After dinner, Onie would yell we were “scuffling too much” and it was “time to sit on the davenport.” Andy would grab his giant ashtray and light up — of course, far away from the dirty bomb (aka the Christmas tree).

Gifts would be presented. I’m not sure why they were wrapped because we always gave Andy flannel shirts and Onie a box of fingernail polish and files (she had magnificent, killer claws that were as strong as steel).

My mother would get mason jars for canning along with a strong suggestion she didn’t put away enough tomatoes the prior season, and Dad would receive a powerful, burning bottle of Aqua Velva.

Then it was time for us kids. Onie would yell at Andy “to get out of his damn chair and do something for a change.” The arthritic old guy would slowly distribute the packages.

I remember sitting there in anticipation. Sure, the presents were coming from a woman who refused to spend money — but there was still something inside that box we hadn’t seen before.

Onie was the queen of thriftiness. Andy always said “that woman will squeeze a nickel until the buffalo poops.” Although I never truly understood the saying, I’ll agree she could conserve money and really anything else like nobody’s business — leftover dishwater was given to the chickens; Andy had to use the outhouse and old magazines to save on the cost of water and toilet paper; and of course, there was her sewing all his pockets shut so he couldn’t carry money or five-cent cigarettes.

As we’d rip open our packages (wrapped in recycled tissue paper), we’d exclaim our joy as we had been properly trained . . . until we’d get full view of what was inside.

Each of us would get several pairs of underwear and Andy would say no one could ever have enough. The problem was that they were often ripped and unfortunately showing signs of wear and tear.

Onie said she’d found a great deal at the Clearwater thrift store and couldn’t believe the amount of underwear she could buy for a dollar.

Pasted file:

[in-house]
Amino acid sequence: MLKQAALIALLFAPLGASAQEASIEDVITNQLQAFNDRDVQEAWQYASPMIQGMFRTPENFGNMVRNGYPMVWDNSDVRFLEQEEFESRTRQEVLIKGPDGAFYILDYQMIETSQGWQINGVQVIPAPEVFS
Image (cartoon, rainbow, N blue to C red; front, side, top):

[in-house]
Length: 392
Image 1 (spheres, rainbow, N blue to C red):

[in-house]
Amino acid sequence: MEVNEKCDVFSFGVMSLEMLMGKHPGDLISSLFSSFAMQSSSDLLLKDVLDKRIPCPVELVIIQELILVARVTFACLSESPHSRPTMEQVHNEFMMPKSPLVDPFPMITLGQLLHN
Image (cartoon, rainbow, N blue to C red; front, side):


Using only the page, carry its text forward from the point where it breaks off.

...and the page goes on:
Yes, even as a kid, I knew it was probably gross to give someone used underwear. That thought was solidified as our mother would jump to gather it all up, never allowing us to touch any of it, saying she’d “put them together so we wouldn’t lose any.” Funny, though, each and every year, that would be the last time we saw those undergarments.

Seeing a lull in the action, Onie would go to the cold sewing room to retrieve a box. That’s when the fun began — we were allowed to play with my father’s old wooden toys. The thoughts of dirty underwear would disappear as Dad would sit on the hard carpet with us, making corrals for our hand-carved horses and building a barn for the painted cows.

We’d play while Andy ran to the outhouse (he always called the goose “the Christmas gut cleaner”) and Mom sat with her mother-in-law over a couple glasses of homemade hooch (the tipsier Onie got, the less judgmental she became). The old turn-table would be brought to life and we’d listen to Christmas carols produced by the famous Lawrence Welk Orchestra.

Andy would proclaim he thought he saw reindeer flying overhead while walking back from the outhouse and my father would stick his head out the door, to confirm that the coyotes were howling because they saw Santa’s crew as well.

And every few Christmases or so, I’d see Andy pat Onie on the behind and call her “his gal.” She’d of course fly off in a huff, calling him a silly old man, but I swore I sometimes saw a slight smile on her face as she opened a hideous can of fruitcake she received from the bank.

Old underwear, sad trees, pipe smoke and the Twinkie plate from Germany. All things crazy and unorthodox — that’s what made Christmas at Onie’s something to remember.